Jump to main content.

Pesticide Inert Ingredients

PLEASE NOTE: Some or all of the content on this web page has been moved to a new location. One or more redirect links are provided immediately to the right of this notice to get you to the new content.

  • Inert Ingredients - Overview & Guidance
  • Inert Ingredient Frequently Asked Questions (PDF)
  • List of Trade Name Inert Ingredients (PDF)

  • Inert Resources

    Inert Ingredient Assessment Branch
    PV Shah, Branch Chief

    Questions or comments related to the inert ingredient guidance documents and the inert ingredients listings can be directed to the Inert Ingredient Assessment Branch (IIAB) at inertsbranch@epa.gov.

    Note: The List Category policy, created in 1987, has now served its purpose as a tool for prioritizing the evaluation of chemicals.  Now that reassessment of food tolerances/tolerance exemptions under the Food Quality Protection Act (FQPA) is complete, there are no longer inerts classified as List 1, 2, or 3.  All-food use inert ingredient tolerances and tolerance exemptions are considered to be safe when used according to the conditions set forth in the CFR's text and tables. The “4A” category is still being used for the purposes of FIFRA Section 25(b), and USDA is still utilizing “List 4” for their National Organic Program.  For non-food inert ingredients, the 1987 List Category policy remains pertinent (including labeling) for those identified as "List 1" (toxicological concern). For informational purposes you can still access EPA’s old inert list categories. These lists are no longer updated by the Agency.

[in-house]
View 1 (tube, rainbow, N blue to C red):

What is an inert ingredient?

    Pesticide products contain both "active" and "inert" ingredients. The terms "active ingredient" and "inert ingredient" are defined by the federal law that governs pesticides (Federal Insecticide, Fungicide, and Rodenticide Act [FIFRA]). An active ingredient is one that prevents, destroys, repels, or mitigates a pest, or is a plant regulator, defoliant, desiccant or nitrogen stabilizer. By law, the active ingredient must be identified by name on the pesticide product's label together with its percentage by weight.

    All other ingredients in a pesticide product are called "inert ingredients." An inert ingredient means any substance (or group of similar substances) other than an active ingredient that is intentionally included in a pesticide product. Called “inerts” by the law, the name does not mean non-toxic.

    Pesticide products often contain more than one inert ingredient. Inert ingredients play key roles in the effectiveness of pesticides. Examples include inerts that prevent caking or foaming, extend product shelf-life, or solvents that allow herbicides to penetrate plants.


    Publications | Glossary | A-Z Index | Jobs

    Local Navigation

    Jump to main content.